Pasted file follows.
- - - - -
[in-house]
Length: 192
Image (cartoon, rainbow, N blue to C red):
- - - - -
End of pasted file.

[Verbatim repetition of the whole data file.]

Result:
[in-house]
Length: 192
Image (cartoon, rainbow, N blue to C red):